The Ides of March: a beginner’s guide to Shakespeare

This month marks the anniversary of the ides of March – or March 15 – a day when Roman dictator Julius Caesar was stabbed to death by his senators. The story of Caesar’s assassination has been told many times and in many different forms, but one of the most famous was William Shakespeare’s play, “The Life and Death of Julius Caesar.”

The play, one of Shakespeare’s more well-known tragedies, tells the story of Caesar’s assassination and the events following. The phrase “Et tu, Brute? (and you, Brutus?)” originated in this play, and has since been used as an expression of betrayal. However, that isn’t the only phrase that was popularized or invented by Shakespeare. According to NoSweatShakespeare, “wild goose chase,” “all the world’s a stage,” and “wear one’s heart on one’s sleeve” all had their first mentions in Shakespeare’s plays.

Throughout his life, Shakespeare wrote at least 37 plays and contributed to many more. These plays are typically divided into three categories: histories, tragedies, and comedies. Seventeen of those plays were comedies, including “A Midsummer Night’s Dream” and “Much Ado About Nothing.” He wrote 10 histories, but several of those were multiple parts to the same play. “Romeo and Juliet,” “Macbeth,” and “Hamlet” are some of the most well-known tragedies.
Shakespeare’s works have often been praised for their complex and flawed characters, many of whom can hold the audience’s sympathy even after multiple morally dubious acts. His stories have been retold in many different settings.

The Royal Shakespeare Company had an income of $53 million (GBP) in 2018-19. His works were made for the stage and there are numerous adaptations available on many different streaming services.

Still, if Shakespeare was such an influential playwright, why is it so hard to actually read his plays?

One of the main reasons was the style he wrote in. According to the Shakespeare Birthplace Trust, Shakespeare was born in Stratford-upon-Avon in April 1564 and died in 1616. Unsurprisingly, language has evolved since then. Shakespeare’s plays are riddled with the usage of thou and thine: archaic second-person pronouns that mean the same as “you” and “your.” The word choice can also be confusing: wherefore means “why?”, ‘ere means “before,” and doth means “does.” Definitions for more uncommon words can be found in StageMilk’s “Common Shakespeare Words Explained.”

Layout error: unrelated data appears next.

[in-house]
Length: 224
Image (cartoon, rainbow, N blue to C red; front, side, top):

Most of Shakespeare’s works are also written in iambic pentameter, a rhythm that consists of “five iambs in each line, like five heartbeats,” according to LiteraryDevices. An iamb is a beat consisting of one unstressed and one stressed syllable. This gives the text a natural flow when read out loud, at the cost of a straightforward sentence structure.
Between its old-fashioned vocabulary and the poetic nature of the writing, much of Shakespeare’s literature can be difficult to read through. Luckily, many dedicated people have created side-by-side analyses of Shakespeare’s texts and more understandable English. No Fear Shakespeare has translations for 24 plays available online.

Once you have a clearer understanding of the text, Shakespeare’s plots are all worth reading. His comedies often feature mistaken identity, fantastical elements, and happy endings. His tragedies have tragic heroes, revenge, and fate. Both, however, often feature star-crossed lovers.

So, next time you’re faced with a Shakespearean passage, be it for school or personal enjoyment, don’t turn away at the first “thou” or “thine”. Give it a second read instead, and see what is really being said.